Learning to Talk

I have a client right now, let’s call him Brian, who’s been teaching me a lot of lessons about power and patience.  He’s quite young - under 15, over 10, right in the middle of things - and he’s quite sensitive.  His parents have been quick to tell me that he’s been having a lot of trouble lately and like to give me little updates about him whenever we see each other.  To ask him, there’s nothing to worry about.  And though I agree with him, I do know that there’s a lot going on in his world that’s pretty troubling - the sort of thing that could be cause for worry if ignored over the long term.

Here’s the thing to remember about Brian: he’s a kid.  And what this means, both practically and emotionally, is that he has no control over his life.  This is true of every child, with small degrees of variation.  Kids don’t have money, they don’t have vehicles, they can’t even reach most shelves.  So regardless of what their situation at home looks like (assuming they have a home), their ultimate survival is tied to their caretakers.  This is hardwired into us as children, and it’s part of the reason why kids are so sensitive to what’s happening at home.  If their caretaking situation deteriorates, their chances of survival deteriorate.

With this in mind, children who grow up in unsure homes, which is to say every child, tend to take on roles taylor-designed to keep their caretaking situation stable.  Whether that looks like a kid pushing themself hard to get good grades to show off to their parents, or a seven year old who can work a stove to feed their over-worked single parent, it’s all just variations on the same theme.  Kids take it on themselves to take care of their parents, which is more responsibility than any child is equipped to handle.  This sounds like a problem, but it’s just human nature.  That said, it does offer opportunities for managing the toll all that responsibility takes.

Getting back to Brian, there’s a lot to understand about his life.  Due to some common mistakes that his parents made, combined with other factors outside of anyone’s control, his whole family had to move cross country to support his parents’ marriage.  So at what may be the most tender developmental period, Brian simultaneously had his entire social life uprooted and lost his sense of personal safety.  If one thing or another had happened he’d probably have bounced back without any trouble, but combined they’ve been a real stumbling block for him.  He can’t go to his parents for support with his social life, and he can’t go to his friends for support with his family life.  He’s stuck.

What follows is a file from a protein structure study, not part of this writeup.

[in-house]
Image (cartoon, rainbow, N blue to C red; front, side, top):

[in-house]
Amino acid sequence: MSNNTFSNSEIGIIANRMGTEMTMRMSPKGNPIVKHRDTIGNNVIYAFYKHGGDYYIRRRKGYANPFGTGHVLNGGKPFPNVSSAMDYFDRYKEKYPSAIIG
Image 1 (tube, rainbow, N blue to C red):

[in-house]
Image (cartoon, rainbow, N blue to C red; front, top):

Resultantly, and unknown to him, Brian has been waging an unspoken effort to gain some personal power in his family.  He locks his door and stays in his room for hours and hours.  His room is extremely messy, and he’s stopped doing his chores around the house.  He’s started screaming at his parents.  It’s all extremely unpleasant, to be fair, but it’s not purposeless.  And while it’s not the sort of thing that should continue unabatedly, it should continue; this is the only way he knows to assert himself against his family, to step into his own incoming power as a burgeoning adult.

The necessary work here will be figuring out with him how he wants to continue this process in a more self-aware way.  That is, how to differentiate himself a bit from his family without making the process more painful than necessary.  I think he knows, though I don’t think he’s aware yet, that this process is occurring on a biological timeline, and that timeline doesn’t jive with his parents right now because they’re wanting to slow things down and lick their wounds.  So he bides his time and tests the boundaries.  When he and they are ready, he’ll tell them what he needs.  Until then, his room’s a mess.